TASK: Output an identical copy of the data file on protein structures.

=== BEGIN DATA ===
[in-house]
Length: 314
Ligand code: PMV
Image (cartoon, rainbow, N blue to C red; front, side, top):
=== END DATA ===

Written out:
[in-house]
Length: 314
Ligand code: PMV
Image (cartoon, rainbow, N blue to C red; front, side, top):